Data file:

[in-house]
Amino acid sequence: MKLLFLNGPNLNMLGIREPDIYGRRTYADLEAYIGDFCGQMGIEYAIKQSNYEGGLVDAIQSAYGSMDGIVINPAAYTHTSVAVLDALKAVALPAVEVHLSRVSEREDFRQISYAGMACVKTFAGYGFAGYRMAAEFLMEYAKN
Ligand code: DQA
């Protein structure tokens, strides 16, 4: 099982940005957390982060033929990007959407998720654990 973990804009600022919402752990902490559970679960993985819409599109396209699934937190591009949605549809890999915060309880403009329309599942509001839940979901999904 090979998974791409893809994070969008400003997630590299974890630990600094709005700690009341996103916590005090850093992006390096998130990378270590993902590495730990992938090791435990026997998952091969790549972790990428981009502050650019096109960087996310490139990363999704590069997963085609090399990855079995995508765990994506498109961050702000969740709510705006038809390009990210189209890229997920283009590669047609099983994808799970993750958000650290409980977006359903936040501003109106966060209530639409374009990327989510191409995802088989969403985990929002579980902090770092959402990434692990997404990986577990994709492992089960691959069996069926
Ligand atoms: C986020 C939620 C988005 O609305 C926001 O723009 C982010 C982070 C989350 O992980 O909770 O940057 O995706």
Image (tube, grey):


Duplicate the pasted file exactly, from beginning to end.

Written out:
[in-house]
Amino acid sequence: MKLLFLNGPNLNMLGIREPDIYGRRTYADLEAYIGDFCGQMGIEYAIKQSNYEGGLVDAIQSAYGSMDGIVINPAAYTHTSVAVLDALKAVALPAVEVHLSRVSEREDFRQISYAGMACVKTFAGYGFAGYRMAAEFLMEYAKN
Ligand code: DQA
């Protein structure tokens, strides 16, 4: 099982940005957390982060033929990007959407998720654990 973990804009600022919402752990902490559970679960993985819409599109396209699934937190591009949605549809890999915060309880403009329309599942509001839940979901999904 090979998974791409893809994070969008400003997630590299974890630990600094709005700690009341996103916590005090850093992006390096998130990378270590993902590495730990992938090791435990026997998952091969790549972790990428981009502050650019096109960087996310490139990363999704590069997963085609090399990855079995995508765990994506498109961050702000969740709510705006038809390009990210189209890229997920283009590669047609099983994808799970993750958000650290409980977006359903936040501003109106966060209530639409374009990327989510191409995802088989969403985990929002579980902090770092959402990434692990997404990986577990994709492992089960691959069996069926
Ligand atoms: C986020 C939620 C988005 O609305 C926001 O723009 C982010 C982070 C989350 O992980 O909770 O940057 O995706």
Image (tube, grey):